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Alternative Teacher Certification: Opening the Education Market

Almost everyone can remember that one teacher who changed their life; the teacher who stimulated education and personal development of their students by virtue of teaching their subject well. A good teacher can truly change the trajectory of a child’s life. Right now, a subcommittee of the House Education and Workforce Committee is thinking about eliminating some Highly Qualified Teacher (HQT) rules in order to improve American education. HQT rules prevent school districts nationwide from hiring talented applicants simply because they do not hold a “traditional” teaching certificate. Along this vein, the subcommittee called a hearing yesterday to discuss alternative teacher certification programs. Seth Andrew, a Harvard graduate and a superintendent of Democracy Prep Public Schools in Harlem, NY, gave potent testimony at the hearing. He brought up points which—backed by empirical data—may prove highly relevant to the debate over education reform. According to Mr. Andrew, HQT laws impose a senseless entry barrier on the teaching profession. He argued that school districts should be allowed to hire the best teachers possible, without having to worry about a meaningless slip of paper. After all, experts cannot find a statistically significant performance gap between teachers with traditional and nontraditional certifications. “Unfortunately,” the superintendent noted, “most districts, states, and the federal government continue to use a course-based certification model with a lock-step seniority pay system that deters the best and the brightest teachers from entering and remaining in the profession.” In other words, the practice of limiting teaching applicants to those with “traditional certification” favors educational systems tied to credentials and seniority, not performance. This in part explains why public school districts often sack the newest teachers first when they encounter budget problems—regardless of their performance in the classroom. Yet, as Mr. Andrew quipped, students know who the good teachers are. Jamie McCoy, Democracy Prep student who spoke before the committee, put it this way:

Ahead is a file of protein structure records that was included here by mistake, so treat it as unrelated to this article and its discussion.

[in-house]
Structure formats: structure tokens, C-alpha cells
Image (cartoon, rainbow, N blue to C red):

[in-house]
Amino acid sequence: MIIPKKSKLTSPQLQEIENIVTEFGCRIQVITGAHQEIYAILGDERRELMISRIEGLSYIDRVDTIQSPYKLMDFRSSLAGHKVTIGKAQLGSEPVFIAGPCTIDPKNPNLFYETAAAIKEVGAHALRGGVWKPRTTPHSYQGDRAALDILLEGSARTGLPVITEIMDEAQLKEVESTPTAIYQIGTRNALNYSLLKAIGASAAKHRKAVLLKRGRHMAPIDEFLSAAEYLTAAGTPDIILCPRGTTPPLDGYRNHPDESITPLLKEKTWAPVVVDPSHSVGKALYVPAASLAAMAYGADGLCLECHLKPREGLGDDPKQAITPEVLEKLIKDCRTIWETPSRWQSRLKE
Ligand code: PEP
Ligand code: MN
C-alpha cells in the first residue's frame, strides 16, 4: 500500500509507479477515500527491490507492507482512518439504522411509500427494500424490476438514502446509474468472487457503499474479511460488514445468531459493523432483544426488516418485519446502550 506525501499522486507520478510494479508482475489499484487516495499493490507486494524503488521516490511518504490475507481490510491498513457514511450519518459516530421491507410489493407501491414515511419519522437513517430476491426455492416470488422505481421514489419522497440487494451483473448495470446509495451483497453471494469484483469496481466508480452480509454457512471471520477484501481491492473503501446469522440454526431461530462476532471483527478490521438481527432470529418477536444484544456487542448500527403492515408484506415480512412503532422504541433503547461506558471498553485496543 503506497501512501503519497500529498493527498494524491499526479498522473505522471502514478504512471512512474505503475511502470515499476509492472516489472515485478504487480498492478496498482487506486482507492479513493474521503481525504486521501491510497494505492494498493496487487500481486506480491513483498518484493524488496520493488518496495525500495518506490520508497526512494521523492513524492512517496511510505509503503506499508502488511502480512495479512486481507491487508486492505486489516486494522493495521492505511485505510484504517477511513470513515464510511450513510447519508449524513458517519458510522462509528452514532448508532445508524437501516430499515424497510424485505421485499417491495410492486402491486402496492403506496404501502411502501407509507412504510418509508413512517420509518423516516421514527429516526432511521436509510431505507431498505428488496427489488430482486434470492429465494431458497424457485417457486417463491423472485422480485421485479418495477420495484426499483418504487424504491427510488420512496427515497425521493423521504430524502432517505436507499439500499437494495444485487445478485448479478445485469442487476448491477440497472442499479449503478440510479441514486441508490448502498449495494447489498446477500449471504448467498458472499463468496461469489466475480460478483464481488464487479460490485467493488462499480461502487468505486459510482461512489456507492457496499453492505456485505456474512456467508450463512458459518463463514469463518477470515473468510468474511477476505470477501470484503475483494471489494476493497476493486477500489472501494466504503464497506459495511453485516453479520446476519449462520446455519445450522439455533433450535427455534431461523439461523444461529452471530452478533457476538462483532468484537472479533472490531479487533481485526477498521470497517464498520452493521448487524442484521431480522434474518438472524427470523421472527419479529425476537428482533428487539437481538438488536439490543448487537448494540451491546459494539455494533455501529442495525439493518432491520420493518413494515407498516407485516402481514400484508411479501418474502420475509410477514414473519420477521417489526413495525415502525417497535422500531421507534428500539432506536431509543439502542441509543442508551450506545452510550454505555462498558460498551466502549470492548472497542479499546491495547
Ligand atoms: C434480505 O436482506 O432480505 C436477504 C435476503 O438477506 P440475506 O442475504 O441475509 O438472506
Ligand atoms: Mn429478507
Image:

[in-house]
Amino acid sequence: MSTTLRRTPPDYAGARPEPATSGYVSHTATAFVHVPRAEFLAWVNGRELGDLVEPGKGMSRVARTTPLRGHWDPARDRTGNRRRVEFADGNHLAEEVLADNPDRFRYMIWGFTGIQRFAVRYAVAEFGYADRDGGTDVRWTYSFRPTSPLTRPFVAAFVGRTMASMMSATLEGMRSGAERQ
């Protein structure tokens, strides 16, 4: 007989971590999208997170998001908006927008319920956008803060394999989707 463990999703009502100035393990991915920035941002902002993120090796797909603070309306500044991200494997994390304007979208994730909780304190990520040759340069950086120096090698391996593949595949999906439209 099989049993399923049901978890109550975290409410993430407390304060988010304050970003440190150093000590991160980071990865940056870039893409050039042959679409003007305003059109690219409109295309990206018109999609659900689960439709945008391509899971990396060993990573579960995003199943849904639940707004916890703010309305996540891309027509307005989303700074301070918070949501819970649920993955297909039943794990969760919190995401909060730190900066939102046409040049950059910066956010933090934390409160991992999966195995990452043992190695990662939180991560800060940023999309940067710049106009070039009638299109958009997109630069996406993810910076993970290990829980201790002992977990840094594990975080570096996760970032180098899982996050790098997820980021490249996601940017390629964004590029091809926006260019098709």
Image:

[It’s] not that certified teachers aren’t capable of teaching well, but there are also alternatively certified teachers and uncertified teachers who can also teach well. An example would be our chemistry teacher… she is a rigorous teacher. She brings passion because she is so passionate about chemistry, and she wanted to study chemistry more in depth so she brought that into the classroom and it almost makes you feel like a chemist when she’s teaching you.
What can be done about the “problem of credentialism”? Mr. Andrew suggested that the charter school model could be applied on a micro scale. School districts should be held accountable for the excellence of their teachers, but they should be given autonomy in how they find those teachers. Consider the testimony of another Democracy Prep student, Michael Cummings:
If principals were able to have the autonomy to choose what type of teachers that they allow to teach in their building and teach their students, then students would be able to benefit from that as well… My Korean teacher… went to school to be a librarian. And instead, she ended up teaching me Korean for the last two years, and so now I know Korean from someone who otherwise, if she was not able to teach, she would have been a librarian and I would not know Korean. So she is given an opportunity, I’m given an opportunity and it’s just beneficial to everyone.
Ultimately, as Mr. Andrew fondly repeated, results matter more than inputs. Good educators can come from a variety of rigorous training programs. Now, if only Congress will give them a chance to enter the teaching market.